Do Curators Have Anything to Learn from Lawyers?
On March 20, 1996, Secretary of the Smithsonian Institution, Michael Heyman, delivered the Georgetown Law Center’s sixteenth Annual Philip A. Hart Memorial Lecture: "Do Curators Have Anything to Learn from Lawyers?."
Heyman graduated from Dartmouth College in 1951. He attended Yale Law School, where he became editor of the Yale Law Journal. He graduated in 1956, and from 1958 to 1959 he served as a law clerk for Chief Justice Earl Warren.
He joined the law faculty at Berkeley in 1959, and he became Vice Chancellor in 1974. He was named Berkeley's sixth Chancellor and served in that capacity from 1980 to 1990. He returned to teaching law after leaving the Chancellorship. He was Counselor to the Secretary and Deputy Assistant Secretary for Policy at the U.S. Department of Interior, from 1993 to 1994; and Secretary of the Smithsonian Institution from 1994 to 2000. At Dartmouth he joined Theta Chi. During his Berkeley years he became a member of the Bohemian Grove, at which his closest associates included Caspar Weinberger.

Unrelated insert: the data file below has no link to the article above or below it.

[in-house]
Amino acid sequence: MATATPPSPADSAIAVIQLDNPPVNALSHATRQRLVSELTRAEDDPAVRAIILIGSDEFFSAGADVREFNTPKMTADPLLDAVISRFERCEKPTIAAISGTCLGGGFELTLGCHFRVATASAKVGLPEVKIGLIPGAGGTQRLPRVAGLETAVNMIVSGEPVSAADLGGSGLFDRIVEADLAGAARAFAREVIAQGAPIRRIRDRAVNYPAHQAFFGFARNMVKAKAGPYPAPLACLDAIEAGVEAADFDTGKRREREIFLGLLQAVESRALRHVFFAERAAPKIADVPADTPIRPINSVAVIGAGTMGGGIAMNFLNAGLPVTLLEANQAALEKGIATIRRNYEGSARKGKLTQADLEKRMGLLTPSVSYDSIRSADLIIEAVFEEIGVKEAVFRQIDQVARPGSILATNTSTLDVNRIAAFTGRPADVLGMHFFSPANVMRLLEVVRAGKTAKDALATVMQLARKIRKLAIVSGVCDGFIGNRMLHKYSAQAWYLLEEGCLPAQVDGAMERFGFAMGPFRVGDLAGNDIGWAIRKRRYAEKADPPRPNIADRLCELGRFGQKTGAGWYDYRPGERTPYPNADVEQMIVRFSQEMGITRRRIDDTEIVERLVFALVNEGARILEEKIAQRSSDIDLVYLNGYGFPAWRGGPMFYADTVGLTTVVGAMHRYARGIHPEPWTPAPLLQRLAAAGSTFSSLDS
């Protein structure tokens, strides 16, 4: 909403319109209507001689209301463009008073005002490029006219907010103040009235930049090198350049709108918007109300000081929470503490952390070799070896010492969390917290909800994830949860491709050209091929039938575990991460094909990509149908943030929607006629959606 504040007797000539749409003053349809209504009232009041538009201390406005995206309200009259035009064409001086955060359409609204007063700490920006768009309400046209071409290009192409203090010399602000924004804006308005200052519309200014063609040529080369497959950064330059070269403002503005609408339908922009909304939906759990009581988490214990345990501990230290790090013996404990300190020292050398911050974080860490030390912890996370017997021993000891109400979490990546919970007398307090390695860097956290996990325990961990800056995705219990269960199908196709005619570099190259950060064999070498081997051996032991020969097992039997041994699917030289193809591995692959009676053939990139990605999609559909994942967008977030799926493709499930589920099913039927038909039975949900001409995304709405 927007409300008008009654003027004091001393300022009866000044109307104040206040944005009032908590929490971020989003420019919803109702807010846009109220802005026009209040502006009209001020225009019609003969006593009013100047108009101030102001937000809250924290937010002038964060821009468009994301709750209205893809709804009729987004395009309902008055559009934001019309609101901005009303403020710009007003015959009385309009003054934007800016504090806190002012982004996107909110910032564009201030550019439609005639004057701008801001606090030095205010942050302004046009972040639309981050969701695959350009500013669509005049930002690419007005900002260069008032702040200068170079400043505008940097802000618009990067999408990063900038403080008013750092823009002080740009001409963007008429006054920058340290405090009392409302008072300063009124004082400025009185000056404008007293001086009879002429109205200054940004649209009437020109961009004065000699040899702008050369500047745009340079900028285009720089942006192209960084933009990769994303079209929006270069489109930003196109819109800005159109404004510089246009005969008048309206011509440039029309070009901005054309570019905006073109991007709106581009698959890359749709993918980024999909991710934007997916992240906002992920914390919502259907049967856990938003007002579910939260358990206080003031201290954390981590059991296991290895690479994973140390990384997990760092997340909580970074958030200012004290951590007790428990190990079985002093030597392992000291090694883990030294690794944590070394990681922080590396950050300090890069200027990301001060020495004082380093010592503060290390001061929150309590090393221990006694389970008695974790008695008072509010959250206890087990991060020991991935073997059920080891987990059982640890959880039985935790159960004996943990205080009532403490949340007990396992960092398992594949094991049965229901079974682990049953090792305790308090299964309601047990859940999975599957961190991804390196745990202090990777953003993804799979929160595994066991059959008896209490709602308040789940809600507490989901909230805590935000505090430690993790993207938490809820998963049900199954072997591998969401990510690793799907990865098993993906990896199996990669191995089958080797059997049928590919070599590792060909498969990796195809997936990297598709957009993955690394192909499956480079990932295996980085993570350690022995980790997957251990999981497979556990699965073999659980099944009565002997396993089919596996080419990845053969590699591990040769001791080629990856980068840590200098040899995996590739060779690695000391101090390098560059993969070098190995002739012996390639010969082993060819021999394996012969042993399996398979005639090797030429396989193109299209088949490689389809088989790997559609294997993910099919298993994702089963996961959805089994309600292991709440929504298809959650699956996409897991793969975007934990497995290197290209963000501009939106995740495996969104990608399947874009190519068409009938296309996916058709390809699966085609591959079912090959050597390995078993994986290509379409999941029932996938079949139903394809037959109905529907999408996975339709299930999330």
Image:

Heyman, Michael, "Do Curators Have Anything to Learn from Lawyers?" (1996). Philip A. Hart Memorial Lecture. Paper 16.
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